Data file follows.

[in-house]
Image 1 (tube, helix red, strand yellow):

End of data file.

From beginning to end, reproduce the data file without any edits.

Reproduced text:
[in-house]
Image 1 (tube, helix red, strand yellow):